Certificate Presented in Washington, DC
First Lady Michelle Obama was honored for her work in promoting good nutrition and healthy lifestyles by the spouses of the United States Senate at a luncheon in Washington, DC on Wednesday, May 21. The spouses had chosen to plant a breadfruit tree in the McBryde Garden of the National Tropical Botanical Garden in her honor and extended an invitation on NTBG’s behalf to Mrs. Obama to come to the NTBG and turn the first shovel for the planting.
Irene Hirono, widow of the late Senator Daniel Inouye, had put NTBG’s name and the work of its Breadfruit Institute before a small committee that had been formed to select how the First Lady would be honored. Ms. Hirono also suggested a Hawaiian theme for the luncheon, having leis flown in from the Islands, and was present at the DC ceremony, along with Dr. Susan Blumenthal, wife of Massachusetts Senator Edward Markey. It was Dr. Blumenthal who worked directly with NTBG staff to craft the honor.
The certificate, which portrayed photos of breadfruit and children planting, as well as NTBG’s breadfruit logo, read:
“The Spouses of the U.S. Senate Planted a “Tree of Life”, Breadfruit, in honor of the First Lady of the United States Michelle Obama, at the National Tropical Botanical Garden, Kaua‘i, Hawai‘i, in recognition of her leadership and commitment to promoting healthy lifestyles.”
“Breadfruit is a very special plant that nourished Pacific islanders for thousands of years. Over the past 3,000 years, hundreds of varieties of Breadfruit have been developed and cultivated. The National Tropical Botanical Garden, based in Hawai‘i, is now conserving these unique trees as part of their extensive Living Collections.”
“One of the most productive and nutritious varieties is the Ma‘afala. The fruit of this tree is an energy-rich, gluten-free carbohydrate food that is an excellent source of fiber and vitamins, plentiful in minerals such as potassium, magnesium, and calcium. It is also higher in protein than most breadfruit varieties. Through the National Tropical Botanical Garden’s Breadfruit Institute’s Plant a Tree of Life project, thousands of Ma‘afala trees have been planted at homes, schools, churches, community gardens, parks, and other sites in Hawai‘i. Ma‘afala is also making an impact globally. More than 80% of the world’s one billion hungry people live in the tropics. More than 35,000 Breadfruit trees have been provided to 27 countries through the Garden’s Global Hunger Initiative to support sustainable agriculture and reforestation, and alleviate hunger and malnutrition.”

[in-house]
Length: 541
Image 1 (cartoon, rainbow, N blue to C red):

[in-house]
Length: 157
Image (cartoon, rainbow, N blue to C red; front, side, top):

“Additionally, the Breadfruit and You Curriculum developed by the Garden’s Breadfruit Institute provides educational resources to schools in Hawai‘i planting Ma‘afala trees through the Plant a Tree of Life project. This initiative teaches children about the importance of good nutrition and physical activity which are components of the Let’s Move! Museums and Gardens goal to have children be more active, eat better, and grow up healthy.”
“The Spouses of the U.S. Senate have provided a donation in honor of First Lady Michelle Obama to support the Global Hunger Initiative. The contribution will also support the Breadfruit and You Curriculum and the project that brings underserved schoolchildren in Hawai‘i to the National Tropical Botanical Garden to learn about healthy lifestyles through sustainable gardening and farming.”
Distributed photo supplied by Dr. Susan Blumenthal:
First Lady Michelle Obama accepts the certificate prepared by NTBG. Vicki Risch, wife of Idaho Senator James Risch, and Dr. Susan Blumenthal, wife of Massachusetts Senator Edward Markey, are at right. Ms. Irene Hirono is seated in the foreground.
National Tropical Botanical Garden (www.ntbg.org) is a not-for-profit, non-governmental institution with nearly 2,000 acres of gardens and preserves in Hawai‘i and Florida. Celebrating its 50th anniversary in 2014, the institution’s mission is to enrich life through discovery, scientific research, conservation, and education by perpetuating the survival of plants, ecosystems, and cultural knowledge of tropical regions. NTBG is supported primarily through donations and grants.